The concept of drop-out, which is often measured via the premature termination of training contracts, constitutes a certain discontinuity in a VET path but does not necessarily imply a final withdrawal from VET. Training could be continued in another company or another occupation (CEDEFOP 2016; Schmid and Stalder 2012). Furthermore, drop-out figures do not generally indicate who (trainees or training companies) terminated a contract. When dealing with drop-out rates, the training sector and occupation also have to be considered, as differences are well documented (e.g. CEDEFOP 2016, p. 109; Hensen 2014, p. 5; Negrini et al. 2016, p. 363; Rohrbach-Schmid and Uhly 2015, p. 121). Also, most drop-outs seem to happen during the first year of training (Bundesinstitut für Berufsbildung 2020a; Cully and Curtain 2001; Lange 2020; Piening et al. 2010). Drop-out research scholars generally agree that the genesis of drop-out decisions covers a long period, rather than arising from a single event (e.g. Deuer 2003; Hensge 1988; Heublein and Wolter 2011) and that it is caused by multiple interrelated factors rather than a single, isolated reason (e.g. Ertelt 2003; Hensge 1984; Lamamra and Masdonati 2008; Rohrbach-Schmid and Uhly 2015). Therefore, in this study, drop-out is seen as a multifactorial process and operationalized as an output factor of training quality, in accordance with the quality model (Appendix Fig. 4).
For the purpose of our research, we distinguish four different drop-out directions (see Fig. 1). Feß (1995, p. 29) differentiated three different types of drop-outs: upwards, horizontal and downwards. While dropping out upwards means attending further education outside of dual VET, e.g. attaining a university degree, a drop-out downwards represents the final withdrawal from VET, remaining unemployed or working in unskilled jobs. Lastly, a horizontal drop-out stands for vocational reorientation, such as starting an apprenticeship in a different occupation (Feß 1995; Faßmann 1998). We use this categorization but further differentiate between two types of horizontal drop-out: first, a horizontal change of training occupation and, second, a horizontal change of training company. A change in training company during an apprenticeship might allow the training process to continue relatively fluently and this path could have few negative consequences for an apprentice. Switching to a whole new occupation, in contrast, generally requires starting the apprenticeship from scratch. In both horizontal types of drop-out, trainees remain within the VET system.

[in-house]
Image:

Consequently, drop-out is defined as prematurely leaving the VET-system (upwards or downwards), the training company or the occupation as a result of the interplay of various input- and process-factors over a certain period of time, which are subjectively perceived and interpreted by each individual. Each of these four possible drop-out paths could conceivably be caused by different influencing factors. For instance, a trainee who wants to change the training company might be dissatisfied with certain quality aspects of the in-company training while someone who wants to switch the occupation might have had false expectations regarding vocational working life, and actual training quality might not be the central issue. Trainees who quit to go to university, might be under-challenged by the complexity of tasks or learning contents, whereas others who drop-out downwards might perceive these aspects inversely or have faced conflicts with colleagues or trainers. However, as mentioned above, quantitative studies on drop-out rarely consider these fundamental differences in drop-out directions on a methodological level. Therefore, almost no systematic findings on possible different causes are known to date.